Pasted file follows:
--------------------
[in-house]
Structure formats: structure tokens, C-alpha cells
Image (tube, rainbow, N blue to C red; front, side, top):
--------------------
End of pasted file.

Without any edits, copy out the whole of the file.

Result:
[in-house]
Structure formats: structure tokens, C-alpha cells
Image (tube, rainbow, N blue to C red; front, side, top):